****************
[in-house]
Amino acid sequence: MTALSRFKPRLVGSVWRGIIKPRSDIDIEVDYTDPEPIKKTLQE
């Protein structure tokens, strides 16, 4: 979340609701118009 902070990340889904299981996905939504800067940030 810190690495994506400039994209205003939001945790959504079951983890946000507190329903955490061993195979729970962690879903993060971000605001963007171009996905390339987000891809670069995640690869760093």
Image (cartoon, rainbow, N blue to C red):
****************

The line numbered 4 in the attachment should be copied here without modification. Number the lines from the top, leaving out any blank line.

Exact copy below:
Image (cartoon, rainbow, N blue to C red):